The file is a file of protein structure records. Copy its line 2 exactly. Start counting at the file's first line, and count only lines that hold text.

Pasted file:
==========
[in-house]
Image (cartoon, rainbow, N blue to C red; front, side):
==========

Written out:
Image (cartoon, rainbow, N blue to C red; front, side):